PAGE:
Apple’s live event earlier today focused mostly on new hardware: a new iPhone, the 6 and the 6 Plus, and a new very-much-anticipated Apple Watch. You can, and many, many people have, argue that the new Watch is beautiful, but it’s hard for me, as someone who has only seen the presentation and photos of lucky journalists trying on a Watch, to judge it beyond its physical appearance.
Which brings me to the third big thing Apple introduced today: Apple Pay, their own mobile payment method.
On the surface, Apple Pay seems great. It’s fast: just unlock your phone, scan your fingerprint for security, choose the account or credit card you want to pay with, tap your phone on the in-store device, and you’re done. That’s almost as fast as taking out your credit card and handing it to the cashier, right?
Additionally, the experts tell us, this method is more secure because the store doesn’t really receive your credit card or other personal information, only Apple has that information. After the recent large chain payment system hacks, including Target and Home Depot, the fact that stores will no longer store credit card information is a good thing. Yet, after the celebrity hack iCloud incident last week, I’m not sure Apple’s iCloud is the best place for this information. But allow me to put the security issues aside for a moment, not because they’re not relevant, but because I don’t have enough information or knowledge to analyze them. So let’s take the experts’ word on it.
Let’s take a deeper look at Apple Pay, as described in the keynote. I see three major obstacles that Apple needs to overcome order to get widespread adoption of the product, from both the consumer and merchants’ sides.
The first obstacle is having an NFC terminal at checkout. This is easier in a multi-checkout setup such as a supermarket or a small store where the terminals can be employed gradually and mobile payment customers can be directed to the right checkout stand. However, it’s harder in a department store where several payment stands are scattered throughout the store and each would need to be equipped with a terminal. In either case, though, unless all registers are equipped with an NFC terminal, the customer will be inconvenienced. Once they’re inconvenienced, it’s very easy to just take out a credit card. As of now, Tim Cook said there were already 220,000 NFC terminals deployed in stores. That’s a tiny fraction of all cashiers in the US and a minuscule fraction of cashiers globally. This means that customers assume that there is a limited numbers of stores where they can pay with Apple Pay and that if they want to pay able to pay anywhere and everywhere, they’ll need to take their credit card. Right after launch, Apple Pay will be a new toy and consumers will be willing to give it a try. How many rejections will they take before they stop trying? How much time does Apple have to make NFC terminals ubiquitous in areas with a large concentration of Apple Pay adopters? How much influence do consumers have? Will payment options become part of the purchase decision? For the same product, will Apple users actively choose a store that offers Apple Pay or will they just take out their credit card and pay with it?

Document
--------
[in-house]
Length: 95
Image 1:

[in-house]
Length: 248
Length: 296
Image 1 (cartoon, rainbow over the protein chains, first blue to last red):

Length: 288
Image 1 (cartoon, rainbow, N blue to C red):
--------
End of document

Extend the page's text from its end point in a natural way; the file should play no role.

The second obstacle will be harder to overcome than even the first, and it’s not as obvious: connectivity. As I understand it, in order to make a payment with Apple Pay, the app has to be able to connect at the moment of sale. This is fine in urban stores, where there is fast mobile connectivity everywhere. But go inside a big box store, or into the bowels (i.e. the shoe department) of a department store that’s on the ground floor of a 4 or 5 story building and see if you get a signal. Newsflash: there isn’t one. Or go into the more remote areas of the US: the Rockies, the deserts, the Great Plains: data connectivity isn’t always available. If you want to buy a souvenir T-shirt using Apple Pay in say, Yellowstone, you’ll need a credit card. When I tried using Google Wallet to pay in Macy’s, it took several minutes to sync the app and have it ready to make a payment, even though this process takes seconds where connectivity is fine. By that point I had already paid with a credit card.
The third obstacle may be the easiest to overcome: making the NFC terminals faster. My experience paying with Google Wallet has been challenging, where I often needed several taps until the transaction was complete. Again, it was just easier to take out a credit card.
In the keynote, Apple Pay looks easy to use, fast and secure. Maybe, when the NFC stars are aligned, it will be. Until then, the question is how many negative experiences can a consumer suffer before abandoning the product completely? And can Apple rally the merchants before that happens?
Let’s end this post on an optimistic note: if any company can win this battle, it’s Apple.